Handwritten journals, annotated set lists and personal scrapbooks will be among archived materials of comedy legend George Carlin coming to Jamestown’s National Comedy Center.
The center, scheduled to open next year, acquired the comedian’s archives, it was announced Tuesday night in a private event in New York City, the center said in a news release.
Among the items that eventually will be on display are a set list for the comedian’s appearance on the Ed Sullivan Show in 1971 and notes for a November 1990 appearance on Late Night with David Letterman.
The archive also includes Carlin’s arrest report and article from 1972 in Milwaukee after his performance of “Seven Words You Can Never Say on Television.”
Hours of video and audio, some of it previously unreleased, as well as clothing, letters and awards are among the materials that will be housed at the Jamestown facility.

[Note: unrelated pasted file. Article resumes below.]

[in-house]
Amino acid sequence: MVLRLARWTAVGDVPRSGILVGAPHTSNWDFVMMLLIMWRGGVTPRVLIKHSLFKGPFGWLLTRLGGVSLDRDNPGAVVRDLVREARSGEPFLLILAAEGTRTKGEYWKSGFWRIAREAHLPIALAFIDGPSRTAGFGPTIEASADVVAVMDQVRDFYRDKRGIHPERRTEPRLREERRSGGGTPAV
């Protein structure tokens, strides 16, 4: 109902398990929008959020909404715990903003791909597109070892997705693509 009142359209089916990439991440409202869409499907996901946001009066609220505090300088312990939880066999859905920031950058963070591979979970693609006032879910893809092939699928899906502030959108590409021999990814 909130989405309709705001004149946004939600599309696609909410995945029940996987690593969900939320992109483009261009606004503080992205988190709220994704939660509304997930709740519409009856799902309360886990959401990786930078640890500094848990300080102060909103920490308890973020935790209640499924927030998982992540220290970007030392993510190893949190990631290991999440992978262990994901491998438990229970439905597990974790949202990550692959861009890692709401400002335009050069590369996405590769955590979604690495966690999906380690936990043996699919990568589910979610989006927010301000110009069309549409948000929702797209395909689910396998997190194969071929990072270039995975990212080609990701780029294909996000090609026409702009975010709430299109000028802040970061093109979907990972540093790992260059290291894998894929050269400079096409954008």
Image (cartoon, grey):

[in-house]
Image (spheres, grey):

Carlin’s daughter, Kelly Carlin, announced the donation.
“There comes a time in one’s life when it’s time to let go of our parent’s stuff. For me this has been a literal process. Through the writing of my memoir and touring my solo show, I’ve gotten to be with my father in many ways, and let go of, honor and transform our past together,” Carlin said in a written statement. “I am truly excited that there will be a place for my dad’s stuff – permanently. The folks at the National Comedy Center are thoughtful, respectful and excited about the art of comedy. I can think of no other place for my dad’s legacy to be permanently honored, archived and preserved for future generations.”
“George Carlin helped redefine the art form of stand-up comedy and we are honored to help steward his legacy in this way. With this incredible archive we can provide a window into his creative process for generations to come,” said Journey Gunderson, the center’s executive director, in a statement.
The center broke ground on a $50 million facility last August.
George Carlin in Buffalo
Relive Carlin's visits to our area through the reviews that ran in The News: